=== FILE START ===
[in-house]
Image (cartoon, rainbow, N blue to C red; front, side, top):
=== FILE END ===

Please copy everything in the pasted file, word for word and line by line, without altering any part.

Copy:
[in-house]
Image (cartoon, rainbow, N blue to C red; front, side, top):